The standard coordinate system. N-dimensional points are represented as ordered n-tuples, with each element representing a distance along one of n orthogonal axes.

For example, the 2 dimensional cartesian system (the cartesian plane) represents points as (x, y), where x is the distance along the x axis, and y is the distance along the y axis. The distance between 2 points in a cartesian coordinate system is sqrt ((a1 - b1)^2 + (a2 - b2)^2 + ... + (an - bn)^2) (if you can fly -- it's sum (abs(a_i-b_i)) if you have to take a cab), where a is one point and b is the other. ak is the kth element of a.

The Cartesian coordinate System was created by a sickly French man named Rene Descartes. The actual concept was first considered when he was laying on a bed one day. As he stared up at his tiled ceiling he noticed two beams, one horizontal and one vertical. While waiting for his medication he noticed a small fly flying about his room. As it passed a tile he though how wonderful it would be to be able to assign an actual number value to the point where the fly landed. This eventually led to the Cartesian coordinate System.

All the crowned heads of Europe gasped in awe.

Descartes went on to demonstrate his "coordinate system" (as he called it) for the delectation and amusement of heads of state and cafe society in all the great cities of Europe. Wearing a snappy boater and accompanied by his beautiful blonde assistant Zimroel, Decartes danced from strength to strength, from triumph to triumph, for the final forty years of his life. His passing was greeted with inconsolable grief, and forty millions of livres were subscribed by an anguished public to build an awe-inspiring brass monument to the man, a monument now found in the Tuillieries in Paris.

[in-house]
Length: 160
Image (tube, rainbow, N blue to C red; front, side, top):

Although I often laugh at the notion of Western Culture, the notion that a few hundred years of history in Europe are what seperates us from Hominids, I do have to give credit for Descartes for coming up with this coordinate system. Whenever, for reasons both practical and speculative, I need a concept of an unchanging system of reference, the first thing I envision is Descartes simple two axis system. Thinking of everything around me as being underlined by graph paper is how I try to begin my logical thought.

When I am driving around the streets of Portland, and I make a wrong turn, and then a few more wrong turns, where do I go back to find my bearings? Imagining that the city around me is laid out on the perfect right angles of Descartes. It is one of the most practical conceptual tools that I actually inherited from the grandest culture ever.

That being said, it should also be said, IIRC, that Descartes himself didn't believe in Cartesian space. He didn't belive that there was an absolute space underlying everything around us. Because, of course, only things with substance, or material, can have extension. This extension creates the illusion that there is a space underlying everything, but since space is not material, it can therefore not have extension. Thus, no absolute space or perfect vacuums can exist.

I won't even get into the Preexisting harmony of all monads